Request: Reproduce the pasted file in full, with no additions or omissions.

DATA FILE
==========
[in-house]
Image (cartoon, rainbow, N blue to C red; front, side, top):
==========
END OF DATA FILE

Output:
[in-house]
Image (cartoon, rainbow, N blue to C red; front, side, top):